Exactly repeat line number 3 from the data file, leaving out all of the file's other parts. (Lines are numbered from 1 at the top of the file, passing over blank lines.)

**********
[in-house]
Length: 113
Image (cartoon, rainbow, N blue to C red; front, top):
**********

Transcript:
Image (cartoon, rainbow, N blue to C red; front, top):